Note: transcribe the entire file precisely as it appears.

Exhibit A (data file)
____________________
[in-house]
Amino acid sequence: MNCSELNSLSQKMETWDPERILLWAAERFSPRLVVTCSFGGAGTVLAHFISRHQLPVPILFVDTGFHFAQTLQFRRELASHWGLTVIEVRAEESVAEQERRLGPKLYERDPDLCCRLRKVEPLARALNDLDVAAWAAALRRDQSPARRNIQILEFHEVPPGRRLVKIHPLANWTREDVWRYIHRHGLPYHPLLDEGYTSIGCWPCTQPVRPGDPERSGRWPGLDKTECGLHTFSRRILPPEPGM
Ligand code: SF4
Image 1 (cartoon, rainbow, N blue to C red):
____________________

[in-house]
Amino acid sequence: MNCSELNSLSQKMETWDPERILLWAAERFSPRLVVTCSFGGAGTVLAHFISRHQLPVPILFVDTGFHFAQTLQFRRELASHWGLTVIEVRAEESVAEQERRLGPKLYERDPDLCCRLRKVEPLARALNDLDVAAWAAALRRDQSPARRNIQILEFHEVPPGRRLVKIHPLANWTREDVWRYIHRHGLPYHPLLDEGYTSIGCWPCTQPVRPGDPERSGRWPGLDKTECGLHTFSRRILPPEPGM
Ligand code: SF4
Image 1 (cartoon, rainbow, N blue to C red):